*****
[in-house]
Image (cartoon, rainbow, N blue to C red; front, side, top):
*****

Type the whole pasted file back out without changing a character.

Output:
[in-house]
Image (cartoon, rainbow, N blue to C red; front, side, top):